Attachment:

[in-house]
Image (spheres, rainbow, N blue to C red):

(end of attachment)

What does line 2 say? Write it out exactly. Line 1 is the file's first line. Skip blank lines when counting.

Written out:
Image (spheres, rainbow, N blue to C red):